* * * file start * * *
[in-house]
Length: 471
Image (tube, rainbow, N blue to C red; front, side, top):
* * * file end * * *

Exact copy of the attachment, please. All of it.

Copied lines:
[in-house]
Length: 471
Image (tube, rainbow, N blue to C red; front, side, top):